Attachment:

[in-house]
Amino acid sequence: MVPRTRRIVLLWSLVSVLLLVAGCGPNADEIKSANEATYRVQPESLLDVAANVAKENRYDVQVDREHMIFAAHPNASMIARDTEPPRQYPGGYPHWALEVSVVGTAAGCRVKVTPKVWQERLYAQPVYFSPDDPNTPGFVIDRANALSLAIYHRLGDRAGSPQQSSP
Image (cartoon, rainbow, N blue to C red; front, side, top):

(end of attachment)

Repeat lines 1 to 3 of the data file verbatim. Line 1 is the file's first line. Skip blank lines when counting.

[in-house]
Amino acid sequence: MVPRTRRIVLLWSLVSVLLLVAGCGPNADEIKSANEATYRVQPESLLDVAANVAKENRYDVQVDREHMIFAAHPNASMIARDTEPPRQYPGGYPHWALEVSVVGTAAGCRVKVTPKVWQERLYAQPVYFSPDDPNTPGFVIDRANALSLAIYHRLGDRAGSPQQSSP
Image (cartoon, rainbow, N blue to C red; front, side, top):